In The Mirror
Monday. Decolletage in San Francisco. Better than coffee to keep your heart alive.
Another day, another dollar. Had a haircut just after noon and told my barber I was going to retire in another seven months. I've been talking about it, thinking about it, but this is the first time I've said it out loud without qualification. Was I telling the truth? Don't know, don't care, but I'll prepare (and be ready come April). Life is short (someone said), better to live whatever time you have left doing something other than what I'm doing now.
I would say I don't believe you, but I know your history. Do you think you can last another seven months?
I suppose, I suppose. I've had times in my life when I've arrived at work, looked around and realized I couldn't stay another day (and quit). I can probably put off doing anything that stupid by taking long lunches and leaving early in the afternoons before the walls close totally in.
That's not the American Ethos with a capital E, my man. Americans get to work early and grind it out like well oiled machines.
I can get well oiled during those long lunches and cruise through the afternoons sitting with glazed eyes at my keyboard in my well padded chair. Best not to fall asleep at one's desk in one's well padded chair, of course, but these things can be managed.
Tuesday. A long lunch with MRE at a sushi place I've not been to before near the office. We each had a large hot sake and then split another one between us before returning to the office. I sat at my desk and finished a set of images for our group's web site - “I can do these things blind folded”, he said - and I finished the day in a reasonable mood.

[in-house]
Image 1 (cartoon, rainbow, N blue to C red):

An obituary notice in the Chronicle today: Jack Smith, a sports writer for the Chronicle during my days living in San Francisco during the seventies had died at the age of 70 due to “complications from a fall”.
I met Jack through MSK when he was pursuing MSK (a perfectly sensible thing for a fellow to do, since MSK, who was fond of writers, could cause a man to stop dead in his tracks on the opposite side of a street with but a casual glance. Lord help the poor soul should she favor him with a smile) and we had a few conversations at the usual haunts in North Beach whenever we ran into one another. Which brings me back to quitting this job before I turn 65, let alone 70, which brings me full circle, full circle and full circle again with this I'm stuck in a rut business. It was suggested to me today I'd better stop all this carping because I was becoming a dull fellow indeed. And I agreed.
I talked about New Orleans facing what might be the dreaded “perfect storm” on Sunday. New Orleans hasn't floated away, at least not yet (since the water still seems to be rising), but it has gutted hundreds of miles of coast and killed who knows how many people. I don't usually watch the news, I listen to public television news in the evenings as I'm listening to it now while I'm sitting at the computer, but I listen without watching so I've no gut reaction to the images they must by now be broadcasting.
I'm grousing about a job (that is more than halfway interesting, that has always been more than halfway interesting, doesn't require long hours except now and then and pays pretty well) while living in a city that many consider located near the End Of The Rainbow and yet, not so very far away, folks are losing everything they own, are losing their lives, all without a whimper. Which sounds about right, doesn't it? Idiots abound. As you get older, though, you pick up on idiots more quickly and, if you're honest, you recognize one in the mirror every morning.
That's a bit precious, isn't it? How soulful we are, are we not Mr. Proprietor?
There is a war in Iraq, there's a hurricane in Alabama, Louisiana and Mississippi, there was a tsunami in Sri Lanka, there will be another earthquake one day here in Oakland and somehow, although there is empathy, there is concern, there is occasionally a check sent to the relief agencies, I sit grousing about what is essentially nothing, avoiding decisions that should be trivial and, although all of this is true, I still sit here drinking this glass of beer, the balcony doors open to let a light breeze blow through the apartment, contemplating my navel.
Here in Oakland.
Here in Oakalnd.